Roger Daltrey and Pete Townshend talk to Sky News about their music and their friendship “not being intimate”.
Founder and frontman Roger Daltrey tells Sky News: “We didn’t ever really split up. It was a necessary departure for a few years, because we had problems to solve, musical problems in the band. But we got over it, Pete [Townshend] and I, it runs deep together. It’s been said we split up – we didn’t.( By Bethany Minelle- Source Sky News, to read the full article click here)
“I just announced – Roger Daltrey Says- that this was going to be our last tour because I was very worried about Peter at the time, he was coming out of bad alcoholism and all kinds of stuff, all kind of naughties.
“And he cleaned himself up, and I just thought if we go back on tour and keep doing this, it’s going to kill him. And I love him, I don’t want that to happen. So there’s all these things that go on but it doesn’t mean that we split up. It’s never meant that.
“Of course the line-up has changed over the years, with the deaths of drummer Keith Moon in 1978 and bass guitarist John Entwistle in 2002.
Some 55 years after forming, did they ever expect to be performing together once again at Wembley Stadium?
Daltrey admits: “Quite simply, no. We didn’t used to think we’d last ’til the end of the month or even the end of the week, that’s the kind of band we were.”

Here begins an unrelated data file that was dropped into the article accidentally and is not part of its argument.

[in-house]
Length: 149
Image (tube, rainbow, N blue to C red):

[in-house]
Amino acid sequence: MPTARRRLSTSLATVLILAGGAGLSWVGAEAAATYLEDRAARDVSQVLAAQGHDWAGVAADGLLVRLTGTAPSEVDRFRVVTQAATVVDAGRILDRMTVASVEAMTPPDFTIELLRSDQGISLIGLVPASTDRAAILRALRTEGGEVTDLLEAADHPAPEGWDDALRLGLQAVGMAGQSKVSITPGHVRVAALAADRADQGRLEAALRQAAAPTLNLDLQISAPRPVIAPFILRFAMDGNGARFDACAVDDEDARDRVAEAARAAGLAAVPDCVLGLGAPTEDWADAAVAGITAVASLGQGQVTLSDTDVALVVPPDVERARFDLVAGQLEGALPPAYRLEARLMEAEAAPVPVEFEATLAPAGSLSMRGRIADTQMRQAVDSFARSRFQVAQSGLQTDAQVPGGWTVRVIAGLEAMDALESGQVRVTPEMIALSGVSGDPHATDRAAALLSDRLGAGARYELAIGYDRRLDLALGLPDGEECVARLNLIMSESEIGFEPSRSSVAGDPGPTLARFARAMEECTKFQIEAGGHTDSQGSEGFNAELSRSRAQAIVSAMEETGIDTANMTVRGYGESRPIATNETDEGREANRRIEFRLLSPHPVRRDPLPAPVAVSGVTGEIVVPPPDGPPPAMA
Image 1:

Daltrey explains: “I’m not the writer of the songs, Pete is, but there’s something about climbing into his music for me as the portal that communicates it with people. I never feel more alive than when I’m doing that – it’s absolute freedom.”
He goes on: “The chemistry of the Who between us musically when we’re on stage, it’s telepathic. There’s something in the air that is intangible. You can’t put a finger on it, but I know it’s there between Pete and I. It can turn on a dime without even looking at each other. It just happens. It’s magical.”
Townshend, the band’s lead guitarist and songwriter, shines a harsher light on their relationship, crediting emotional distance and good work ethic as a reason for their longevity.
“I think our relationship as friends and as co-workers, it’s not an intimate one. When we travel on the road we don’t spend a lot of time together. I think what makes it interesting for us both is that this feels very much like work.”
However, Townshend also recognises the “magic” at the heart of the collaboration.
“I wanted to be an artist, but what I found by writing songs for The Who was there could be no better job.
“I had an audience, I had a band to write for and a great voice in Roger… And when we get together you know there’s also that thing about carrying the history that we do. It kind of imposes and interposes and interpolates a bit of magic. Nothing to do with us.”
But will that magic translate into today’s very different musical climate?
“When we went to play in South America and Mexico for the first time a couple of years back, what was interesting about that was that the kids sort of knew us through YouTube videos of us when we were much younger.
“They were screaming, but they weren’t screaming at us, they were screaming at who we used to be.” To read the full article click here